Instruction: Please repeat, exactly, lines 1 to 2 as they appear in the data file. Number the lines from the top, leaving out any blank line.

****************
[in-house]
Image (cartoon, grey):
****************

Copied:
[in-house]
Image (cartoon, grey):